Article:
PowerBar, which is accredited with creating the now vast and varied energy bar category, “is a great brand, but it has been neglected,” said Robert Vitale, president and CEO of Post, which closed the acquisition of the brand from Nestle in October.
Recognizing the iconic brand was a small part of Nestle’s portfolio that has coasted on its equity for several years, Vitale said during the firm’s first quarter earnings call Feb. 6 that “2015 will be an investment year for this brand with our efforts benefiting financial results in fiscal year 2016 and beyond.”
Specifically, Post plans to invest in new product development within the brand to bring it up to speed with the rest of the category and re-establish its relevance with today’s consumers.
“The brand hasn’t had much attention to the actual product form in recent years as the whole category has changed. It has stayed mostly a slab product with limited innovation,” Vitale said.
He said the company plans to “turn around the brand” by extending it “beyond the bar into different forms, like powders and shakes. So we think it needs to be proliferated.”
PowerBar already operates a bit in the powder sports drink category, but does not offer ready-to-drink shakes. It also sells some gels and liquid foods for performance athletes to eat quickly and under Nestle it marketed rehydration tablets that could be added to water.
The past year has seen some innovation in PowerBar’s bar segment. In April, the brand launched the Energize Wafer, which it touted as “a totally new concept to sports nutrition,” with a crunchy consistency that is easy to snap in two to eat while running or cycling. It also launched its Performance Energy Fruit and Nuts Bars.
Post also plans to “refresh” the brand’s marketing message, which for years has focused on helping athletes train and perform better during competition.
While Vitale did not say how the brand would be revitalized, marketing experts have previously suggested the brand needs to expand beyond athletes to reach out to health snackers and the meal replacement segment. (Read more HERE.)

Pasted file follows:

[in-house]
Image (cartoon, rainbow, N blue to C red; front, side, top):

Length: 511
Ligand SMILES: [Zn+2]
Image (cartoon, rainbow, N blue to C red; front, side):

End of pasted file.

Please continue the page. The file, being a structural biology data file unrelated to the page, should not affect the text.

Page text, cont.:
This will be a big challenge for the brand given the intense competition in the category, which has new bars popping up ostensibly every week, an analyst with J.P. Morgan Securities noted during the firm’s quarterly earnings call.
Vitale agreed that expanding or “regaining” distribution lost in recent years to these competitors would be a challenge, but he is not too worried about it.
“The PowerBar acquisition is not predicated upon gaining distribution or regaining distribution. … It’s predicated upon holding and making more profitable the existing bar distribution,” Vitale said. “Obviously, distribution gains would be nice, but it’s not necessary for this investment to pay off and then extending into additional forms where there are more rapid growth opportunities.”
Given the extent of the investment necessary to revitalize the brand, Post does not expect PowerBar to contribute to its earnings until 2016.
Nonetheless, the firm is optimistic about its other brand and recent acquisitions buoying sales, which climbed 261.6% during the first quarter to $1.07 billion compared to the same time last year. The growth spurt mostly comes from acquisitions, including Dakota Growers Pasta Co., Golden Boy Foods and others. The most recent $1.15 billion acquisition of MOM Brands happened after the close of the quarter. (Read more about the acquisitions HERE and HERE.)